The other key driver of insurance in the Kingdom is compulsion through government policy and legislation, such as compulsory health insurance for expatriate workers and motor third party liability insurance (ruksha) for all drivers. Medical insurance, in fact, accounts for 60 percent of the Saudi insurance market, followed by motor insurance, which accounts for 20 percent of the market.
The adoption in July of the Saudi Arabian Mortgage Law by the Council of Ministers will inevitably result in a massive boost for the Saudi insurance market, especially for mortgage takaful.
There are currently 30 locally-incorporated licensed insurance companies and one re-insurance company in the Kingdom, with a further four insurance companies in the process of being licensed, serving a population of some 25 million of which some 20 million are Saudi nationals of which a large percentage is between the ages of 16 and 24, and nine million are foreigners resident in the Kingdom. By the next decade or so the Kingdom’s population is expected to total 45 million.
In 2005 Saudi Arabia introduced the Cooperative Insurance Companies Control Law. This was followed by a Cooperative Insurance Law which is based on the concept of Ta’awuni (mutuality or cooperativeness).
“The cooperative insurance law,” explained Ajmal Bhatty, “is Shariah compliant as SAMA has stipulated, and some of the Shariah scholars also support it, but it’s not necessarily the same as takaful as you know in other countries. There are differences in that. It is basically looking at what is the law, and what is the Shariah compliance. SAMA has no issues with the company having a Shariah board who can then endorse the Takaful and insurance, products. Therefore we will have our own Shariah board. Alinma Bank is very Shariah compliant as an organization, and so we will be as well.”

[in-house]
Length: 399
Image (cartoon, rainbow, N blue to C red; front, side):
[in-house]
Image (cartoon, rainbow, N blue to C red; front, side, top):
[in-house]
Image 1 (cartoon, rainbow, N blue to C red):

Insurance penetration in the Kingdom is low. Life insurance is very low and the insurance per GDP is still in the region of one percent or lower. Life insurance per GDP is probably 0.5 percent or less. However, motor and medical insurance, which is now compulsory for everybody, are the two major growth areas and already dominate the insurance market in the Kingdom, with property and industry insurance also developing fast.
Insurance providers recognize that because of the low life insurance penetration, the potential is even bigger than general insurance because of the young demographics of the Kingdom and it is inevitable that the younger generation will be more aware of the need for financial protection and provision for the future for their families.
“I think the introduction of the Saudi mortgage law is a major development for the housing market. I understand that more than 60 percent of households may need new units because of the young demography of the Kingdom. So there is a huge housing market for mortgage finance. And of course that opens up opportunities on the mortgage Takaful side as well. But it has to be handled properly with the right products and processes,” Bhatty said.
He sees potential even for products such as micro-finance with a micro-takaful wrap. Micro-takaful is a product which has social impact. Takaful or Islamic finance is also about social impact, but it’s not that visible. But with micro-finance and micro-takaful, it becomes very visible, because they touch the lives of so many people.
“Micro-takaful can be sold on its own but it works better if there is micro-finance available. Most people actually do have an asset — it may be a machine, it may be livestock — if you give micro-finance to buy or own an asset then you want to protect that asset through micro-takaful. It is also maybe a bit of a myth that you can’t make profit out of micro-takaful.”
source: Saudi Gazette